This is the female osprey bringing in a few sticks to accommodate the nest.  She and her mate spent about 45 minutes non stop adding to the nest this particular morning.  She would leave and get a stick, and upon her return, he'd then leave and go get a stick.

I used my Nikon D500 and Tamron 150-600mm G2 lens all weekend attached to my Sirui monopod.  The Tamron G2 did so well at locking on focus and never losing it!

More Backyard Bluebirds

I've been spending a lot of time in the backyard photographing the birds lately.  This time of year things start to pick up again at the feeders.  I'm glad to see activity picking up.  Everyone knows how much I enjoy the bluebirds, so I never pass up a chance to photograph them.

Aperture-priority, 1/800 sec, f/5.6, ISO 3200, Compensation: +1, 300 mm

Hover over the image to view camera settings.  Click the image to view it larger.

Whenever it's a bright, overcast day outside that type of light allows me to shoot all day in the backyard...and if I am able to, I certainly will.  This image was taken on just a day.  It was taken about 8:30ish in the morning, so I had to raise my ISO to 3200 in order to get a decent shutter speed.  Luckily, the Nikon D500 had no trouble with noise at ISO 3200!

I typically don't like taking photos of a bird's backside, however I am OK with it as long as I can still make eye contact.  The eye is the most important part in any kind of wildlife photography.  You need to see the eye and it needs to be sharp!  The impact of the photo is increased even more if you are able to photograph your subject at it's eye level.  Sometimes that means getting down low and maybe even dirty.  But it's all worth it for the shot ;)

Image made with my Nikon D500, Tamron 150-600mm G2 Lens and Sirui Tripod and PH-20 Gimbal Head.

Merlin

While down in Mobile, AL scouting for our upcoming birding workshop, David Akoubian and I ran across this Merlin.  As we were driving down the road, we saw this bird sitting in the top of a tree and thought it was a hawk.  We turned around, came back and got a closer look through the lens.  We knew it wasn't a hawk at that point, but we were unsure what it was for certain still.  Whenever you are with a bird nerd, like David, and he doesn't know what kind of bird it is, it is a bit of an exciting moment.  You know if David can't ID the bird instantly it must be something special.

This Merlin had just finished a meal when we found her.  She was pretty content to sit on that tree snag and pose for us.  So, while I was just taking pictures David was doing the bird nerd thing and taking pictures from the front, sides and back to properly ID the bird.  Sure enough when we got back in the car, we used our phones to ID the bird as a female Merlin.  I can tell David was doing a happy dance on the inside.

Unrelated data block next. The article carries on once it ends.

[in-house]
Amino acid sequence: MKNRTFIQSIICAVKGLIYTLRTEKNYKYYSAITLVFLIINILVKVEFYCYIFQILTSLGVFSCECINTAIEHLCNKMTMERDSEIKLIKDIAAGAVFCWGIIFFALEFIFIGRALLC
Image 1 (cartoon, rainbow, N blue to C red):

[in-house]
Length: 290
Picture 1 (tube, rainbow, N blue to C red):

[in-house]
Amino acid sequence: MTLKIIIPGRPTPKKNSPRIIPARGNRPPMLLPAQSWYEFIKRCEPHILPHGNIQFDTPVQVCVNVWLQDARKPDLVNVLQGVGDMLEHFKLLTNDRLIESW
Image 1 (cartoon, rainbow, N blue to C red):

Aperture-priority, 1/640 sec, f/8, ISO 200, Compensation: +1 1/3, 600 mm

Hover over the image to view camera settings.  Click the image to view it larger.

Although this bird sat and posed for us for several minutes, I think the shots I liked the most were the ones where it appears she is looking directly into the camera.

This image was made using my Nikon D500, Tamron 150-600mm G2 lens and Sirui P-424S Monopod.

Female Eastern Bluebird

I love my backyard bluebirds.  All of them.  However, I think the females tend to photograph better than the males.  I have no idea why...I just usually like the images of the females better.

This image of a female Eastern Bluebird was taken on an early, overcast morning.  As I've mentioned many times before, that's my favorite kind of light to shoot these birds in.  I did have to kick my ISO up to 3200 for this image.  I did that in order to get a higher shutter speed in order to freeze any action and ensure a sharp image.

I have my backyard bird blind setup about 8 feet from the posing trees.  Doing so allows me to fill the frame with these small birds at 400mm or less.  I am continualy amazed at how sharp this Tamron 150-600mm G2 lens is!  You could count the feathers on this thing if you wanted to!

Aperture-priority, 1/1,250 sec, f/6, ISO 3200, Compensation: +1, 350 mm

Hover over the image to see my camera settings.  Click the image to view it larger.

I have a video of my backyard birding setup planned, pleas be patient as I work through that.  I plan to share everything from how I setup feeders, posing trees, birdhouses, blind, tripod....everything.

This image was made using my Nikon D500, Tamron 150-600mm Lens, Sirui Tripod and PH-20 GImbal Head.